Justine by Alice Thompson

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Synopsis

A challenging, chilling postmodern novel that explores the ill-defined margins between imagination and reality, sanity and madness. This story of seductive decadence plays on the Marquis de Sades work of the same name. It chronicles one mans obsession with beauty and his journey, through the darkest recesses of the mind, in its pursuit. An unnamed compulsive art collector becomes fascinated by a womans portrait, one marked with a simple plaque that reads Justine. Searching London for the object of his desire, he finds two women: Justine, a chiseled beauty, and her identical twin, Juliette. Rich in literary allusion, full of twists and turns, Justine, will appeal to readers looking for a challenge and a thrill. With her first novel, the young Scottish writer Alice Thompson performs a bold experiment in the neo-Gothic, spinning out an extravagant tale that charts the borders between contempt and desire. Set in contemporary London, Justine chronicles one mans obsession with beauty and his journey through the darkest recesses of the mind in its pursuit.A sensitive art collector, nameless throughout, becomes enchanted by Justine, the portrait that hangs above his mantel. Enthralled, he spends hours in his flat, smoking opium and watching the beautiful woman in the painting, her hard pale eyes, set wide apart in her face. The image comes to life, sometimes watching him coyly from a formal garden, sometimes glaring at him from a shadowy room. Searching London for the object of his ravening desire, he finds on separate occasions two women: Justine, a refined and chiseled beauty, and her identical twin Juliette, a complex and reckless woman who seems driven by rage. He is never sure when or where he will see them, and they never appear together. As the story unfolds, he finds it increasingly difficult to know the true identity of the evasive and evanescent woman he desires, and his vivid opium-seasoned hallucinations become indistinguishable from reality. In exhilarating short chapters that take him through a morphing landscape, our narrators nightmare builds to a violent and haunting climax.Ruthlessly clever, Justine ropes in references from the Marquis de Sade and Milton, from Charles Dickens, Oscar Wilde, Henry James, and Alfred Hitchcock. Playfully twisting and teasing Sadean conventions to suit her purposes, Thompson sets up a labyrinth of tricks and tropes that inevitably lead us to a place where our familiars--gender and power, passion and violence--are not what they seem.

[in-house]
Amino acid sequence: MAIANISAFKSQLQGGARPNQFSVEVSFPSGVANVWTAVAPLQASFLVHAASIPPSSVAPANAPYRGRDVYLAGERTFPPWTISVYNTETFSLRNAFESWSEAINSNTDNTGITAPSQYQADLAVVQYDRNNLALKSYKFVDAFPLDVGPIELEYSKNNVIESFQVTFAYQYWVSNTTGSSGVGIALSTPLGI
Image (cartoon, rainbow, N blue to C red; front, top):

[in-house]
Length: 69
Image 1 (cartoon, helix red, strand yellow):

About Alice Thompson

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Alice Thompson is an award-winning, high-profile author with an international reach and extensive publication record as a novelist and reviewer; she is also an experienced tutor in both creative writing and literature. In the eighties she toured the world in the successful pop group The Woodentops; recorded three albums, six singles, and two videos; performed on stage and often gave interviews, both on TV and radio. This is her sixth novel.
 
Published January 1, 1997 by Virago Press Ltd. 137 pages
Genres: Literature & Fiction. Fiction

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Kirkus Reviews

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It is like Michelangelo’s Adam reaching out to God— —), ends up tricked, then tricked and tricked again not only by Justine but by Justine’s twin sister Juliette, even to the point of committing a murder (uh-huh, it’s very, very, very gory) in order to ’save— Justine from a murderer of her own—th...

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Publishers Weekly

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A postmodern, feminist variation on the Marquis de Sade's book of the same name, this American debut from Scots writer Thompson is a compelling, though abstract, meditation on identity and desire. The

May 04 1998 | Read Full Review of Justine

The Guardian

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Daphne by Justine Picardie Find this on the Guardian bookshop Search the Guardian bookshop It is the gulf between who people are and who they think they are that fa...

Mar 15 2009 | Read Full Review of Justine

Newstalk 1010

Manson: The Life and Times of Charles MansonJeff GuinnNon-fiction, Biography Jeff Guinn describes “Charlie” Manson as “the wrong man in the right place at ...

May 04 2012 | Read Full Review of Justine

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